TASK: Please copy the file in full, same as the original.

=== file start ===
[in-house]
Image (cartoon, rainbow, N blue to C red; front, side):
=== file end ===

[in-house]
Image (cartoon, rainbow, N blue to C red; front, side):